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Antibiotics

Topic Review on "Title":

Introduction of Antibiotics their mechanisms of action and cellular targets.

  • Antibiotics are antimicrobials that can kill or inhibit growth of susceptible organisms.
  • Antibiotics are targeted antimicrobials that usually affect a metabolic pathway.
  • Beta lactam-A beta-lactam ring or penam: is a lactam consisting of a heteroatomic ring structure containing three carbons and one nitrogen atom.
  • Beta Lactams Antibiotics bind and inhibit enzymes involved in cell wall synthesis.  Little effect on non replicating bacteria.  Lethal to dividing bacteria.
  • Penicillin: is an antibiotic used to treat bacterial infections (usually Gram-positive).  Originally derived from the blue-green mold Penicillium.
  • Penicillin binds irreversibly to transpeptidase and prevents it from cross linking the peptidoglycan units of the cells wall.
  • Cephalosporin: beta-lactam family of antibiotics, bactericidal, prevents cell wall synthesis. 
  • Tetracycline: interfere with protein synthesis by binding to ribosomes.
  • Glycopeptides are molecules that work by interfering with the synthesis of bacterial cell walls.
  • Polymyxin: antibiotic damages the cytoplasmic membrane of bacteria.  Polymyxin is produced by the bacteria Bacillus polymyxa.  Increase the permeability of bacterial cell membranes causing a loss of equilibrium.
  • Aminoglycosides:  is a collections of antibiotics that target the cells ribosome and cause error prone reading of the mRNA inhibiting protein synthesis.  Aminoglycosides include: amikacin, gentamicin, kanamycin, neomycin, netilmicin, paromomycin, streptomycin, tobramycin and apramycin. 
  • Rifampin is derived from rifamycin and interferes with RNA synthesis by binding to RNA polymerase.
  • Antifungal drugs inhibit the growth of fungi.  Typically toxic to humans because both organisms are eukaryotic.  Examples include: imidazole, clotrimazole, ketoconazole, miconazole and others.  They extract membrane sterols or prevent their synthesis.
  • Antibiotics can be synthetically produced.  Alternatively organisms producing antibiotics can be grown in fermentation flasks and the products separated.
  • Antibiotic resistance to beta lactams is a result of an enzyme called beta lactamase which break the beta lactam ring.  The gene for the enzyme can be transferred between bacteria resulting in resistance.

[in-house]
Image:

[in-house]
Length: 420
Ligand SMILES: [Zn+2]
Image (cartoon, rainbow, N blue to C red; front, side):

Antibiotic Targets

  • Cell Wall which provides the bacteria a outer protection and mediates the amount of liquid that can enter and leave the cell.
  • Cell Membrane: is a lipid bilayer and functions as a permeability barrier.
  • Cellular Proteins:  these targets can include ribosomes and other proteins vital for cell metabolism and reproduction.
  • Cellular Nucleic Acids: interfere with DNA production.
  • Many antibiotics, fungicides, antimalarials and antivirals act on the DNA or RNA of a cell.
  • Gene function may be suppressed by inhibiting nucleic acid or protein biosynthesis.
  • Enzyme Inhibition: irreversible or reversible binding or competitive inhibition of cell enzymes.

Antimetabolites

  • Chemotherapy exploits the biochemical differences between host and pathogen.
  • Metabolites are substances used or produced by biochemical reactions.
  • Antimetabolite is a drug or chemical that has chemical similarity (is a mimic) to a natural metabolite.
  • Sulfa Drugs and it analogs were the first ant metabolite successfully used against microbes.
  • Folic Acid analogs block the final conversion of PABA to folic acid which results in nucleotide and protein synthesis inhibition in bacteria.
  • Gram-Positive bacteria have multiply layers of  peptidoglycan stacked to form the cell wall. The peptidoglycan portion of the cell wall consists of repeating units of N-acetylglucosamine linked b-1,4 to N-acetylmuramic acid (NAG-NAM).

Rapid Study Kit for "Title":
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Core Concept Tutorial Problem Solving Drill Review Cheat Sheet

"Title" Tutorial Summary :

Antibiotics have two primary mechanisms by which they act.  They can either stop a bacterium from growing which is referred to as bacteriostatic or they can kill the bacterium which is called bactericidal.  In either case to work the antibiotic must be brought into contact with the bacteria.

This module present several of the most important antibiotics used in medicine and their modes of action.  The primary target of the antibiotic such as cell wall synthesis, DNA replication and metabolic protein inhibition is discussed. 


Tutorial Features:
Specific Tutorial Features:
  • Medically relevant antibiotics, their mechanism and targets a discussed.
  • Antibiotic resistance is introduced.
  • Enzyme inhibition as a mechanism for controlling microbial growth is outlined.
  • Antibiotic production and purification methods are presented.
Series Features:
  • Focus questions to emphasize key learning objectives in the module are posed.
  • Definition slides introduce terms as they are needed.
  • Examples given throughout to illustrate how the concepts apply.
  • A concise summary is given at the conclusion of the tutorial.

"Title" Topic List:

Develop an understanding for how antibiotics work.
Form a working knowledge of antibiotics have selective toxicity.
Learn how microorganisms develop resistance to antibiotics.
Be able to list the major antibiotics used in medicine. 
Bacteria structure and function as it relates to antibiotics.



See all 24 lessons in Anatomy and Physiology, including concept tutorials, problem drills and cheat sheets:  Teach Yourself Microbiology Visually in 24 Hours


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